Line(s) of the Day #TheGoldfinch

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“A great sorrow, and one that I am only beginning to understand: we don’t get to choose our own hearts. We can’t make ourselves want what’s good for us or what’s good for other people. We don’t get to choose the people we are.”

As said by the highly reflective Theodore Decker in The Goldfinch by Donna Tartt (2013). The Pulitzer Prize winning novel tells of a 13 year’s old struggle to recover after a tragic incident, and his long-running connection with a painting by Carel Fabritius. You can find my review of The Secret History, Tartt’s debut novel here.

Reviews and Other Features: The Secret History

The Secret History

I suppose at one time in my life I might have had any number of stories, but now there is no other. This is the only story I will ever be able to tell.

These aren’t the opening lines of the bestselling novel Donna Tartt, but more than any they seem to encapsulate the sombre tone and set the scene for the Greek-style tragedy that is to come.

Told by the sensitive and introspective Richard Pappen, a latecomer to the group that the story is centered around, this is far from your average book with its conventional narrator.

In fact, the murder of one of the group is announced at the beginning of the book, being reminiscent more of a Columbo mystery than Poirot. It’s not your conventional crime story, and its narrator is a flawed outsider, with more than a passing resemblance to The Great Gatsby’s Nick Carroway.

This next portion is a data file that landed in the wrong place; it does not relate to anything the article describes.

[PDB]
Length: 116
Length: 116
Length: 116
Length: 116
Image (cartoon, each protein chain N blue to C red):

Set in Vermont, New England, The Secret History tells the story of a closely knit group of six classics students at the small, elite, Hampden College. After discovering that ‘Bunny’ Corcoran is the victim, we have to wait for more details as the mournful Pappen then tells the story chronologically.

Pappen weaves a tale, as he slowly sets the scene and the layered context, drenched in reflection and sentiment. Telling the story years later he explains why he is an outsider to his family, why the group are so reclusive and just why it is so appealing to him. He then explains how he is able to gain access to them all and how to differing levels he is accepted by the group, and their teacher Julian Morrow. And later how it all unravels.

The Secret History was a huge success when released as Donna Tartt’s debut novel in 1992 and really lit up the literary stratosphere. The clever structure and unusual setting helps. We are transported to a world where contemporary time doesn’t seem to exist and characters have very little outside influence. The group are in ‘splendid isolation’, and rather than be distracted by the campus, we are instead allowed to focus on what Pappen reveals about the other five students. The book poses the question of how we would react in the same situation, but it doesn’t hide away from telling us that we would never find ourselves in that situation.

It’s 544 page length, slow storytelling and at times peculiar characters won’t be for everyone, but this book is a magnificent achievement. Ernest Hemingway famously described courage as “grace under pressure”, and what Tartt achieves is reveal cowardice as inevitable failure under pressure. She knows like we all know, that we all full of our secrets and our own histories, and there are reasons why we won’t always want to share them.